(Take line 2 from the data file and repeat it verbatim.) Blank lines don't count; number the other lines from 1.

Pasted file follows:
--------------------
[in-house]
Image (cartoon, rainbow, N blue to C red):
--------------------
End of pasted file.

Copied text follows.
Image (cartoon, rainbow, N blue to C red):